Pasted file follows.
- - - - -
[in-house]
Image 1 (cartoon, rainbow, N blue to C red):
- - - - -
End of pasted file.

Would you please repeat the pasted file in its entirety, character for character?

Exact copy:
[in-house]
Image 1 (cartoon, rainbow, N blue to C red):